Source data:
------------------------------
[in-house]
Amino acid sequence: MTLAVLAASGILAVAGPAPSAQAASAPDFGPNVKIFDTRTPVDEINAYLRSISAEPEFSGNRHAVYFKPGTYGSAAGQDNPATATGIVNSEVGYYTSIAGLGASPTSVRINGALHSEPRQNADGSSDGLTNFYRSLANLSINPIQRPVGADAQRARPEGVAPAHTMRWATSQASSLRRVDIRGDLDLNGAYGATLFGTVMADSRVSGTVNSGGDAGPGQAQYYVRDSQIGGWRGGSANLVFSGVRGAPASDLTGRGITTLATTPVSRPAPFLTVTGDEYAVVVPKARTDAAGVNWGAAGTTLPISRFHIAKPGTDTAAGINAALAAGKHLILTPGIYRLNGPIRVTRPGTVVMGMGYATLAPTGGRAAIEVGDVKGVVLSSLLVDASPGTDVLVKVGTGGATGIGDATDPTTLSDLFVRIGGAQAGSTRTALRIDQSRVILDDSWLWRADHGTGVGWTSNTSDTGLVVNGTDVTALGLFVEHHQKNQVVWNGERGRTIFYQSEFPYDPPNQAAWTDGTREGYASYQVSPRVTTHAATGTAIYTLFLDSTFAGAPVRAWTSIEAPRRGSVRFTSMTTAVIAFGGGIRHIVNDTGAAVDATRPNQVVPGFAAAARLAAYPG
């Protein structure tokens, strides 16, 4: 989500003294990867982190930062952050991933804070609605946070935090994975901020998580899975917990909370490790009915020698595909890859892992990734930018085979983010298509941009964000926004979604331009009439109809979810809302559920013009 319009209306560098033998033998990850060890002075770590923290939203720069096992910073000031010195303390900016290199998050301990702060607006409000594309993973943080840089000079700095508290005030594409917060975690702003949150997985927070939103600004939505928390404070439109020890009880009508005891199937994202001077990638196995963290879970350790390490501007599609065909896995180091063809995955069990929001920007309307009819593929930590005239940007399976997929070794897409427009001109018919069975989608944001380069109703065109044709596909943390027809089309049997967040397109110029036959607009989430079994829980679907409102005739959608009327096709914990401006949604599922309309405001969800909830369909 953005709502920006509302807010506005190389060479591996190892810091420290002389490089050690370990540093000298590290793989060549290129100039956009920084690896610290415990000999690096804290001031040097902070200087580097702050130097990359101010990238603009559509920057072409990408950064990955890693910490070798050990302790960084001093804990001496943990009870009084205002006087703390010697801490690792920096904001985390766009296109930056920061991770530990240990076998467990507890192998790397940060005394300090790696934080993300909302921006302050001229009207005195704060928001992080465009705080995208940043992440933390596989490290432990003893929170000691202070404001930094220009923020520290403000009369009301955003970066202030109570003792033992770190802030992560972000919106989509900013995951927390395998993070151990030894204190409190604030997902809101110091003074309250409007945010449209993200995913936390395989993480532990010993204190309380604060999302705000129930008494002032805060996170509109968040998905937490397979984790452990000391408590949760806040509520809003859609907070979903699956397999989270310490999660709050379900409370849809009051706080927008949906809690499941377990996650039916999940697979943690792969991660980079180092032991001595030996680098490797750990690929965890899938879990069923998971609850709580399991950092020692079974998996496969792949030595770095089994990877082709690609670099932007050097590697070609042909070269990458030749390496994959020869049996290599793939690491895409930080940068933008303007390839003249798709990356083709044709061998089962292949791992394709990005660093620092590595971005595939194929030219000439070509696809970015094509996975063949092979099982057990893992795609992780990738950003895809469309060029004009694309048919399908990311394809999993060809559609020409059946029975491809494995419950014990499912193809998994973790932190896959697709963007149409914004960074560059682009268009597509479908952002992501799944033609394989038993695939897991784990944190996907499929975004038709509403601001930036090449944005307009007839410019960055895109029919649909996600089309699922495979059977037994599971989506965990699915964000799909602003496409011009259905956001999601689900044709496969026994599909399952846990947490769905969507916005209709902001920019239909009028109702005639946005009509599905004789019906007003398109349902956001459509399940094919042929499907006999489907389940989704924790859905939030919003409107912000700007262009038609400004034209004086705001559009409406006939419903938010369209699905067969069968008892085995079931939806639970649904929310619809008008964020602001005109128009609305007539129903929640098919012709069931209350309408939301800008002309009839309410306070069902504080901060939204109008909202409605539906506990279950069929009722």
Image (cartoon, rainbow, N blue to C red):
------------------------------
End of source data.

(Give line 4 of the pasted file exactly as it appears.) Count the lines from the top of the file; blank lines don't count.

Image (cartoon, rainbow, N blue to C red):